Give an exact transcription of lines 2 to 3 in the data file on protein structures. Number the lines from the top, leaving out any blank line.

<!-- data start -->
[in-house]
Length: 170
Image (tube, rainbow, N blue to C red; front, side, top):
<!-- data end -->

Length: 170
Image (tube, rainbow, N blue to C red; front, side, top):